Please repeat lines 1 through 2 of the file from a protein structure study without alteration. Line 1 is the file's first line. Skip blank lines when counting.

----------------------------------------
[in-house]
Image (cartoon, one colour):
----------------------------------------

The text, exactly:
[in-house]
Image (cartoon, one colour):